The bass, hypnotic melodies and lyrical punches that surround hip-hop have allowed it to become one of the most listened to genres of modern American music. This mass consumption has also lead to hip-hop becoming a method of exploiting black artists for white consumer desires. The music industry has pushed a singular black experience, and the fashion industry has created a method to be visually inclusive while selling to a mostly white male audience. The history of hip-hop explains the path that leads to its current state and relationship to the fashion industry. Hip-hop arose from an underground music scene in the Bronx in the 1970s, primarily focused on MCing over beats to showcase the DJs talents, at house parties and neighborhood block parties. The trend spread throughout the country as different predominantly black neighborhoods created and overlaid their lives and grievances on tracks. Initially, hip-hop was limited to the black community and those able to engage with it, but in 1979 Sugar Hill Gang’s “Rapper’s Delight” changed the relationship between hip-hop and American culture.
With the enormous success of “Rapper’s Delight” and the creation of Soundscan, a Nielsen rating chart for music, record companies and music group conglomerates realized the widespread success and demand that was hip-hop. Soundscan revealed that the majority of hip-hop listeners were white men ages 18-24, the most desirable demographic for record labels. The high profile attention that hip-hop received created two fronts in American society: those who thought of hip-hop as an authentic telling of the black American struggle, and those who viewed hip-hop as destroying the moral foundations of America. Both these viewpoints held one underlying point; hip-hop became a method to discuss black America without ever engaging with black America.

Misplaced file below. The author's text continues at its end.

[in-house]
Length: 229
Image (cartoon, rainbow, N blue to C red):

The bias present in the first statement relies on the view that the black experience is limited to poverty, gang wars, and drug dealing. The lyrics, written as confessions of the artists’ pasts, convinced non-white Americans that hip-hop was the story of all black Americans. Believing that the violence and crime seen in music videos and heard in song lyrics were a cultural phenomenon, and not the result of years of systematic, racial oppression. The most successful rappers, such as Jay Z, Snoop Dog, and Tupac, held criminal backgrounds and are examples of escaping poverty. As hip-hop moved away from stories on struggles and reflection and more about money and women, the separation of rappers as millionaires and white businessmen as millionaires became apparent in the public eye. The bias in the second statement is tied to the assumptions that hip-hop is black culture, black Americans are destroying the country, and it must be contained. Hip-hop’s focus on violence, drugs, and sexist treatment of women was flipped to promote agendas of anti-blackness, suppression and increased policing of the black minority.